Old patterns and prints are back in fashion, but mastering the trend is more difficult than you think. Eleanor Flegg asks the experts how to reinvent rather than reiterate a tradition
Nostalgia was once considered an illness. In 1688, a Swiss physician called Johannes Hofer researched the behaviour of homesick Swiss mercenaries fighting abroad. His study established nostalgia as a disease.
This misapprehension lasted for 300 years (it was thought that only Swiss people suffered from nostalgia). Now, nostalgia is recognised as a complex emotion. It is a yearning for bygone times, a bittersweet cocktail of positive and negative feelings, but more sweet than sour. It can be experienced individually or collectively, and is often triggered by objects or motifs from the past. An old-fashioned trellis of rosebuds reminds us of kinder, safer times.
The British brand Cath Kidston is all about nostalgia. It was founded in 1993 by Kidston, who designed lifestyle and fashion products decorated with English heritage patterns. The designs were based on vintage textiles with a 1990s filter: floral prints, polka dots and roses galore. It was a distinctive look and entirely non-ironic.
Kidston juggled with dangerous concepts like whimsy, kitsch and chintz. People loved and loathed it in equal measure. Recently, the brand has undergone a radical reshuffle with fewer shops and a stronger online platform. Its new Creative Director Holly Marler has gone back to the archival fabrics that originally inspired the prints.
I meet Marler in London at the launch of a new collaboration between Cath Kidston and the British furniture brand DFS. Perched on a dainty sofa, upholstered in a fabric that’s actually called Ditzy, I ask her about nostalgia. “It’s my whole ethos.” she says. “Vintage textiles are my thing.”
She shows me her mood board where scraps of archival fabric are pinned between Cath Kidston classics and her own meticulous hand-painted designs. A blue-winged unicorn. A monkey with tiger stripes. A strawberry tree. “The pattern is called Painted Kingdom. I designed it during lockdown when I was thinking of the kind of world I’d like to live in. The unicorn was a bit of a joke, if I’m honest. I like humour in design. Look at the pig. It has wings!” This is Cath Kidston with irony. It works.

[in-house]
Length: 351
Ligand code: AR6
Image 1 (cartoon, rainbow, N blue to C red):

Although the designs are modern, they’re also within the tradition of “toile de jouy” patterns brought to England by the French Huguenot refugees in the 16th and 17th centuries. “It’s a type of pattern with little vignettes against a base colour,” says Marler, who formerly worked with Alexander McQueen and shares the late fashion designer’s passion for historical research.
“People think there’s no connection between those parts of my life, but there are threads running through. The emphasis on history and on placement.” By this, she means the way that the pattern is placed on an object. “That’s something that I always pay attention to.”
The key to nostalgia in design is to reinvent rather than reiterate tradition. The Cath Kidston x DFS collection includes new shapes: heart-shaped Locket Love Heart stool (€389), a Flounce bed frame (€1,625 for a king-size bed), and a Stargazer chaise longue (€1,169). All are available in Ireland from DFS.